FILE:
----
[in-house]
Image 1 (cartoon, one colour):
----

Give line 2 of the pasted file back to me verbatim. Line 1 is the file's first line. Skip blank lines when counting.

Image 1 (cartoon, one colour):